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Endothelial contractility an undecided problem in vascular research



Endothelial contractility an undecided problem in vascular research



Beitraege zur Pathologie 157(4): 327-348



The rather old concept that endothelial cells possess autonomous contractility was reevaluated by several authors during the past 10 yr on the basis of 3 different arguments of various validity. After the topical application of inflammatory mediators Majno et al. regularly found endothelial nuclei with numerous indentations and many interendothelial gaps. Both findings are assumed to be morphological correlates of an endothelial shortening due to the contraction of the cells. While nuclear indentations seemed to be a rather weak argument to substantiate contractile capabilities, a mechanism other than contraction is outlined for the formation of gaps. The 2nd argument in favor of endothelial contractility is the occurrence of cytoplasmic filaments that occasionally form cross striated bundles and/or show a thick and thin variety. If these data are assumed to be morphological evidence for the contractility of cells then the conclusion that the more filaments the higher the contractile activity, must be valid. But when compiling those endothelia particularly rich in filaments this conclusion does not seem valid, because, e.g., the endothelium covering the venous valves is crowded with filaments yet an especially high contractile activity does not seem very probable. Conversely, the supposition that endothelial contractility is entirely independent of the existence of cytoplasmic filaments leaves the question unanswered what then are the filaments for if not serving mechanical purposes. This line of reasoning is supported by both localization of the filaments predominantly in those endothelia that have to sustain higher degrees of various mechanical stresses and the fact that these filamentous structures significantly increase in number under the influence of hypertension. The final argument brought forward to substantiate endothelial contractility is the demonstration of actin and tropomyosin in the endothelium of various types of blood vessels that also occur under the influence of hypertension. The significance of these findings as a proof for endothelial contractility is curtailed by the fact that the occurrence of actin alone is not conclusive for any contractile capabilities. A convincing demonstration of myosin in endothelial cells is still lacking and the thick filaments are believed to be noncontractile. The endothelial filaments together with the myoid proteins may not serve as a means for contractility in a true sense but simply act as a design to originate tensile strength.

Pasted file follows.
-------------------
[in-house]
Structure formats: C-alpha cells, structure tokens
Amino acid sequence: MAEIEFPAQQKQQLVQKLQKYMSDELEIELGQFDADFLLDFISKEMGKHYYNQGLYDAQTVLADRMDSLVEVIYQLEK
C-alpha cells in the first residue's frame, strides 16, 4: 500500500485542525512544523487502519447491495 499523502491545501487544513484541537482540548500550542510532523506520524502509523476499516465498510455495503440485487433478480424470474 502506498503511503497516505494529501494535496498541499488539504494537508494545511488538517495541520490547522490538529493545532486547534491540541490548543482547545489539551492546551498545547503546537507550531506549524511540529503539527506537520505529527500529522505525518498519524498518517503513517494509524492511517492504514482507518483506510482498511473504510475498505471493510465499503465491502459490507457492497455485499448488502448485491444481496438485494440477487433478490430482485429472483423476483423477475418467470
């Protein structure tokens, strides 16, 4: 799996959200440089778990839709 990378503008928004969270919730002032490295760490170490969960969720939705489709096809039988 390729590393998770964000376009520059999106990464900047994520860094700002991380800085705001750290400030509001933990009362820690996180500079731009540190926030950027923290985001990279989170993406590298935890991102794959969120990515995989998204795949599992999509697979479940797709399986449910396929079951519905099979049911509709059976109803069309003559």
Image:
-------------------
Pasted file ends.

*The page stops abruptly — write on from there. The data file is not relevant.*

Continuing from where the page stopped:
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Accession: 005359985

Download citation: RISBibTeXText

PMID: 183655

DOI: 10.1016/s0005-8165(76)80049-2



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